Most organizations don’t have professional editors on staff.  And while many strong writers are also strong editors, editing does represent a unique skill set that not everyone excels at without specific training. When you edit, you want to ensure the document is accurate, is easy for the audience to read and understand, is free of spelling and grammatical errors, and has a layout that enhances readability. 
 

Editing Checklists are useful tools to help you keep your editing tasks on track. A comprehensive checklist helps you focus on all the distinct components that need to be checked so your readers receive an informative and professional document.
 

Checklists as assessment tools

Checklists also have another use: to assess your employees’ writing. Using a checklist lets you physically record a writer’s challenges as well as their strengths. Writers need to know where they need to improve and what they’re doing well to stay motivated. A comprehensive editing checklist helps you do that.

When assessing your writers, keep these points in mind.

  • Use your checklist on three to four different documents for each employee. Assessing more than one document will give a more balanced perspective on the employee’s writing skills. Use the checklist again, after a set period of time (e.g., three to eight weeks), to measure the employee’s improvements.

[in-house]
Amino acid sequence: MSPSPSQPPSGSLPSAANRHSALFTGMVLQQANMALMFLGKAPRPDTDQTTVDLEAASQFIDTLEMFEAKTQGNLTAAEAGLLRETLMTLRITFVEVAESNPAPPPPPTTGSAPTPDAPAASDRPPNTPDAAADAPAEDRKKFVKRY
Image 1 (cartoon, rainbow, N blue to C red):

• Praise the strengths. When evaluating, it’s equally important to highlight good writing as well.
  • Avoid overwhelming and discouraging your employees. No one can fix 10 problems at the same time, so pick one or two of the most pressing concerns to start.
  • Go over the editing checklist with each employee and set up a development plan. Offer resources, training and coaching to help motivate your employees to improve.  
 

 

Introducing our Virtual Workshops

Eclectic now offers our business communication courses in a virtual classroom environment. Not sure what virtual classroom means? Watch our three-minute video to understand how our virtual classroom works and why it could be the ideal training option for you.

Register today! Our spring schedule includes:

  • Writing Client-Focused Letters, February 23   
  • Email...Think Before You Hit Send, March 1   
  • Using a Writing Process, March 8 
  • Editing Techniques for Managers, March 22   
  • Solving the Grammar Dilemma, April 5, April 12 and April 19   
  • Writing Proposals that Win Appeal, April 5, April 12 and April 19   
  • The Plain Language Approach to Writing, April 26, May 3 and May 10   
  • Writing Effective Reports, April 26, May 3 and May 10
  • Creating Policy and Procedure Manuals, May 24, May 31 and June 7